| otherwise  = lorstar : go 'S' (tail s)
  • \$\begingroup\$ Anonymous functions are allowed, so the z= can be removed. \$\endgroup\$ Jun 13, 2017 at 15:17
  • \$\begingroup\$ I just can't read Haskell. Would you mind giving me a brief explaination? \$\endgroup\$
    – Christoph
    Jun 13, 2017 at 17:04
  • 1
    \$\begingroup\$ @Christoph : the go function takes two arguments. The first is the character that represents what should be used to describe the S situation. The second is a string. It goes through that string recursively, removing the first character at each step (that's what tail does). The trick is that the first argument is set to * when the previous result was a L, or S otherwise. That way, in the case where an * or an S should be used, that first argument can be used directly. Hope that makes sense. \$\endgroup\$
    – bartavelle
    Jun 13, 2017 at 20:58
  • \$\begingroup\$ That's quite a nice idea ! I'm hoping to see more clever ideas :) \$\endgroup\$
    – Christoph
    Jun 13, 2017 at 21:04
  • \$\begingroup\$ @ØrjanJohansen how am I supposed to prepare the result in TIO? \$\endgroup\$
    – bartavelle
    Jun 13, 2017 at 21:36

Jelly,  25 23 21 20  19 bytes


A full program that prints the list of characters, using:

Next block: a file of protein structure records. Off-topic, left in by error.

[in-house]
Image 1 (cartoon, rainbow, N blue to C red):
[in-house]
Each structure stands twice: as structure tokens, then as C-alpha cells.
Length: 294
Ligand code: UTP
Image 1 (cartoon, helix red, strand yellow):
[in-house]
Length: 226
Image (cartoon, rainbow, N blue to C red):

L: 0
S: 8
*: 9

(As a link it returns a list where all items are characters except the last one, which is a zero.)

Try it online! or see the test suite (with conversion to LS*).


Ṛ;\UỤỤIṠµI2n×ịØDṚ;0 - Link: list of characters, s  e.g. "cast"
Ṛ                   - reverse                           "tsac"
  \                 - cumulative reduce by:
 ;                  -   concatenation                   ["t","ts","tsa","tsac"]
   U                - upend (reverse each)              ["t","st","ast","cast"] (suffixes)
    Ụ               - sort indexes by value             [3,4,2,1] (lexicographical order)
     Ụ              - sort indexes by value             [4,3,1,2] (order of that)
      I             - incremental differences           [-1,-2,1] (change)
       Ṡ            - sign                              [-1,-1,1] (comparisons)
        µ           - monadic chain separation, call that x